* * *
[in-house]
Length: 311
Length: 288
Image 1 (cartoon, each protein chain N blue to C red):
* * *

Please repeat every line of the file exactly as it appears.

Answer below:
[in-house]
Length: 311
Length: 288
Image 1 (cartoon, each protein chain N blue to C red):